Monday, January 10, 2011

A Basic Breathing Exercise : The Brick


Babies don't breathe using their chests but their bellies. When we grow up, we gradually learn how to use our chest rather than our abdomen to breathe. The reasons why this happens are mostly cultural. It is important to re-learn how to breathe with our abdomen rather than our chest. The Brick is the first in a series of exercises designed to develop the practice of abdominal breathing

There are 3 goals to this exercise :

  • Teach you an easy way to breathe with your abdomen rather than your chest.
  • Train you to focus your mind in the tanden area (Bring your mind there
  • Teach you to pay attention to the sensations in that area (Listen to your mind there)


1st ABDOMINAL BREATHING EXERCISE : The Brick


Lie on your back with your feet flat on the ground and your legs bent with your knees in the air. Place an object the size of a brick, a woodblock or a phone book on your belly. The weight needs to be enough that you feel it, but not so much that you feel uncomfortable.

As you breathe in, make sure the brick rises.




When you breathe out, let the brick go down.


Avoid any chest moves when breathing in, avoid any contraction of the abdominal muscles when you breathe out.


Focus your mind on your Tanden : an area 1 or 2 inches under your belly button, and concentrate on how you feel when your abdomen expands during inhalation (breathing in) and collapses as a balloon emptying itself when you exhale (breathing out).


The Tanden is an area localized 1 to 2 inches under the belly button, and 3 or 4 inches inside. It is approximately the center of gravity of your body.

There are actually several Tanden in the body, the Lower Tanden is the important one for our exercise. Unless otherwise specified, when we mention the Tanden, it is the lower Tanden.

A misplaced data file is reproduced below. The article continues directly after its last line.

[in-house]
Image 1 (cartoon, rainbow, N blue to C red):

Important points:

Avoid any chest moves when breathing in.
Avoid contraction of the abdominal muscles when breathing out.
Keep your mind focused on your Tanden 2” below the belly button.
Avoid muscular tension, try to keep your overall body relaxed. This will help you only concentrate on what you feel in the Tanden area.

Tips :

You may practice on your bed or a couch, however, it is better to practice on a firm floor or exercise mat. This helps better sense what is happening in your tanden area.

During breathing in, it may be helpful to visualize the air flowing from your nose up to the tip of your skull and then back all the way down through your spine to your sacrum (the tail bone) to then fill up your lower abdomen.

When you breathe out, visualize the air flowing up through your sternum (breastplate) toward your nose.

(Although in this above drawing, the subject is sitting in the lotus position, this visualization can be practiced in any position)

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